|Publication number||US5066006 A|
|Application number||US 07/651,737|
|Publication date||19 Nov 1991|
|Filing date||7 Feb 1991|
|Priority date||7 Feb 1991|
|Publication number||07651737, 651737, US 5066006 A, US 5066006A, US-A-5066006, US5066006 A, US5066006A|
|Inventors||John J. Driska|
|Original Assignee||Azrak-Hamway International Inc.|
|Export Citation||BiBTeX, EndNote, RefMan|
|Patent Citations (3), Referenced by (6), Classifications (6), Legal Events (5)|
|External Links: USPTO, USPTO Assignment, Espacenet|
The present invention relates to basketball-type games, and more particularly to a basket for use therein.
Especially in recent years the slam dunk shot in basketball has become especially popular with the viewing public. In the slam dunk shot the player, either because of his height or his ability to jump, or both, maintains contact with the basketball even as it begins to pass downwardly towards or through the opening of the basket or hoop. The slam dunk shot is a crowd-pleaser, perhaps because the basketball passes through the hoop with more kinetic energy than is the case in the usual shot and perhaps because the player often appears to defy gravity while making the shot. For most children and amateur basketball players of normal height, however, a slam dunk shot is beyond their physical capability, if not their imagination.
Accordingly, it is an object of the present invention to provide a basket for use in a basketball-like game wherein a successful non-slam dunk shot simulates the appearance of a slam dunk shot.
Another object is to provide such a basket enabling the player to vicariously enjoy making a simulated slam dunk shot.
A further object is to provide such a basket which is of sturdy and rugged construction and is easy to assemble, maintain and use.
It has now been found that the above and related objects of the present invention are obtained in a basket for a basketball-like game wherein the player attempts to shoot a projectile (e.g., a basketball) downwardly through the opening of a basket, either directly or upon rebound from a backboard, comprising a basket defining a generally vertical opening therethrough (typically projecting forwardly of a backboard). A slam dunk member, which preferably has the appearance of at least one hand, is pivotally mounted on the basket for movement between a slam dunk orientation, wherein the member at least partially covers the basket opening, and an at rest orientation, wherein the member is spaced from the basket opening to enable passage of the projectile through the basket. A means is disposed at least partially in the basket opening and responsive to the passage of the projectile downwardly through the basket for moving the member from the at rest orientation to the slam dunk orientation. Thus, passage of a projectile downwardly through the basket opening is immediately followed by movement of the member from its at rest orientation to its slam dunk orientation so as to simulate the appearance of the projectile being slam dunked through the basket opening by the member.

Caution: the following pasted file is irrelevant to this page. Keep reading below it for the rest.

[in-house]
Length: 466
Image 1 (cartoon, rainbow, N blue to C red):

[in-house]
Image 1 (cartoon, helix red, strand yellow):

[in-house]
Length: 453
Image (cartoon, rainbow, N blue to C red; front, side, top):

In a preferred embodiment the basket additionally includes means biasing the member towards the at rest orientation, the biasing means preferably being secured directly to the moving means and adapted to act on the member through the moving means. The moving means has one end portion operatively disposed within the basket opening and the other end portion operatively secured to the member.
The member in the at rest orientation has the appearance of at least one raised hand and in the slam dunk orientation has the appearance of at least one hand which is horizontal or lowered. Preferably the member has the appearance of a pair of hands. The basket may be adapted for use with a projectile resembling a reduced-scale basketball, with the basket and optional backboard being also of reduced scale relative to a regulation-sized basketball basket (and backboard).
Preferably the basket and the backboard are substantially fixedly secured on a support, while the moving means is pivotally secured to the backboard through the basket.
The above brief description, as well as further objects and features of the present invention, will be more fully understood by reference to the following detailed description of the presently preferred, albeit illustrative embodiments of the present invention when taken in conjunction with the accompanying drawing wherein: